Effects of solvent water molecules

Similar to the simulations carried out in vacuum (14), ab initio MD simulations of xy­lose degradation in water started when a protonated (3-D-xylose was positioned in a unit cell surrounded by 32 water molecules (43). During the course of our entire simulation (~5 ps), the initiation proton attached to the -OH groups on the sugar ring was ob­served to be transferred back to the surrounding water molecules. This transfer is rapid and occurs in less than 100 fs for all of the hydroxyl groups on the xylose ring. Once the proton was transferred to the neighboring water molecule, it is quickly transferred to other water molecules and away from the sugar molecule. This result shows that proto­nation is probably the rate-limiting step in sugar degradation under acidic media because our earlier simulations in vacuum demonstrate that protonated (3-D-xylose molecules de­compose rapidly. Figure 9.4 shows the proton transfer from xylose C2-OH to the sol­vent water molecules from our simulations. The simulations started with a protonated xylose molecule surrounded by 32 water molecules. After 34 fs, a neighboring water molecule forms a bond with the protonated hydroxyl group (C2-OH+-OH2) as shown in the figure. After 62 fs, the proton from the C2-OH transfers to a water molecule, forming an H3O+. After the proton was transferred from the xylose hydroxyl group to the water molecule, it was quickly transferred to other water molecules and away from the xylose molecule due to the strong hydrogen bonding interactions between the water molecules and the high proton mobility. It appears that protonation is a slow rate-limiting step.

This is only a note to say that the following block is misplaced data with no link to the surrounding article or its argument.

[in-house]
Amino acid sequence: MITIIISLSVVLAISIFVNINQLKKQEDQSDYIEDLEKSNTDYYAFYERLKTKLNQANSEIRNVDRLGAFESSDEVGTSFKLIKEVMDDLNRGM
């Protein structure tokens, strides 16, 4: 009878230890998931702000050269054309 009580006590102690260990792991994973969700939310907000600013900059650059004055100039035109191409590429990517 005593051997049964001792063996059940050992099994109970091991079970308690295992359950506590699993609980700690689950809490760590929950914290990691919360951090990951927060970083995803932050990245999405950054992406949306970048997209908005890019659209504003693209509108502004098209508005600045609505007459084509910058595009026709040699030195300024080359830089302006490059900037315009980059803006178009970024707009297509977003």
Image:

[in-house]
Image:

Figure 9.4 Snapshots of the MD simulations showing the rapid proton transfer from a xylose molecule to water. (Reproduced in color as Plate 26.)